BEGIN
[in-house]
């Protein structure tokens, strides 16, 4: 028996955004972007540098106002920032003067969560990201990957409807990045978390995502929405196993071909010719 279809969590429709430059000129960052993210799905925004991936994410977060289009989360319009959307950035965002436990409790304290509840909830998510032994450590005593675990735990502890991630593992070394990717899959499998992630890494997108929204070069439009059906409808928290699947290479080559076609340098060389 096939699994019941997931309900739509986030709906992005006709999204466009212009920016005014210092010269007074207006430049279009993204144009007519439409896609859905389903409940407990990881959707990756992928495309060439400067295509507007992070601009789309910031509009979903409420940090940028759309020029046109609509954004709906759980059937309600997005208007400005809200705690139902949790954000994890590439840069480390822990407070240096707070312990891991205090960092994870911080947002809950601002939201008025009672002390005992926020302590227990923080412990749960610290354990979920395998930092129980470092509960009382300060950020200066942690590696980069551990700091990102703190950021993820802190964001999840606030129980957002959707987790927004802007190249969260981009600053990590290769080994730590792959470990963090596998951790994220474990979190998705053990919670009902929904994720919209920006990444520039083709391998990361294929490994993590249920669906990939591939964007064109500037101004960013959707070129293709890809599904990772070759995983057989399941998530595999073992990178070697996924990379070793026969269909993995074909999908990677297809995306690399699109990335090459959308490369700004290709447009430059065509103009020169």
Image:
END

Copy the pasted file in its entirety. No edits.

[in-house]
């Protein structure tokens, strides 16, 4: 028996955004972007540098106002920032003067969560990201990957409807990045978390995502929405196993071909010719 279809969590429709430059000129960052993210799905925004991936994410977060289009989360319009959307950035965002436990409790304290509840909830998510032994450590005593675990735990502890991630593992070394990717899959499998992630890494997108929204070069439009059906409808928290699947290479080559076609340098060389 096939699994019941997931309900739509986030709906992005006709999204466009212009920016005014210092010269007074207006430049279009993204144009007519439409896609859905389903409940407990990881959707990756992928495309060439400067295509507007992070601009789309910031509009979903409420940090940028759309020029046109609509954004709906759980059937309600997005208007400005809200705690139902949790954000994890590439840069480390822990407070240096707070312990891991205090960092994870911080947002809950601002939201008025009672002390005992926020302590227990923080412990749960610290354990979920395998930092129980470092509960009382300060950020200066942690590696980069551990700091990102703190950021993820802190964001999840606030129980957002959707987790927004802007190249969260981009600053990590290769080994730590792959470990963090596998951790994220474990979190998705053990919670009902929904994720919209920006990444520039083709391998990361294929490994993590249920669906990939591939964007064109500037101004960013959707070129293709890809599904990772070759995983057989399941998530595999073992990178070697996924990379070793026969269909993995074909999908990677297809995306690399699109990335090459959308490369700004290709447009430059065509103009020169």
Image: